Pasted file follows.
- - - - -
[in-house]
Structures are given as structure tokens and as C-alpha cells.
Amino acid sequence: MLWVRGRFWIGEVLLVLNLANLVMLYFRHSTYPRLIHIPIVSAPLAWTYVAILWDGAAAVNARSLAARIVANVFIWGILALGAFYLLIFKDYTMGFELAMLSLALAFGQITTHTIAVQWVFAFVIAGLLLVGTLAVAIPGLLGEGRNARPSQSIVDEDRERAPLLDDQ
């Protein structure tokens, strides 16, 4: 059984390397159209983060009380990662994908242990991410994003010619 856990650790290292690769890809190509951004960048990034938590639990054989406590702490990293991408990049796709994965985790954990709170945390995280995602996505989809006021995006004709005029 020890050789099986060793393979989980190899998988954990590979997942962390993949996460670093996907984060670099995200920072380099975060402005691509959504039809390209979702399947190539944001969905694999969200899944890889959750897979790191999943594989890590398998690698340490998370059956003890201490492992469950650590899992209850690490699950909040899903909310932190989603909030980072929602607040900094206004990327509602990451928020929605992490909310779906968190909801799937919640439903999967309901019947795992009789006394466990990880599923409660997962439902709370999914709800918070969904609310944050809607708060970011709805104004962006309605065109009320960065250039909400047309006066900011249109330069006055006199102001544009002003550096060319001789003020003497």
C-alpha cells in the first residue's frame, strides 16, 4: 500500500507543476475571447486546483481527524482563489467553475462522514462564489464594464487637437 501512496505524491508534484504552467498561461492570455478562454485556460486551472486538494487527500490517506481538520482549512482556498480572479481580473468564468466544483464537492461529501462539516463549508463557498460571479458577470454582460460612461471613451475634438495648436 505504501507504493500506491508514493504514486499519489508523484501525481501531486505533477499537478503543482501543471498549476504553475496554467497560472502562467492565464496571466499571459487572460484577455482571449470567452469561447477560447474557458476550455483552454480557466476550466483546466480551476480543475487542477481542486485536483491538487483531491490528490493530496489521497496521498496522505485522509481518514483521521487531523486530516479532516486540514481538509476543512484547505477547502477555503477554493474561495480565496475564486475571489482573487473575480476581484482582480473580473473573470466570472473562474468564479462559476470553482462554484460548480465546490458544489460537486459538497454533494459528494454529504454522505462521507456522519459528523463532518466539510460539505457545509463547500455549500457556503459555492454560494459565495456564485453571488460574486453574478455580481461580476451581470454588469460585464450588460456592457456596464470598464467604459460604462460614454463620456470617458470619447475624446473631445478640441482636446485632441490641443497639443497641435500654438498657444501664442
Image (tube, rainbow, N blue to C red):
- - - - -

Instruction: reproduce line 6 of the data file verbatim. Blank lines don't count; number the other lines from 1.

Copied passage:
Image (tube, rainbow, N blue to C red):